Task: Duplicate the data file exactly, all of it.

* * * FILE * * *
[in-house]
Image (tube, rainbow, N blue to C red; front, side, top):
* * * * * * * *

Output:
[in-house]
Image (tube, rainbow, N blue to C red; front, side, top):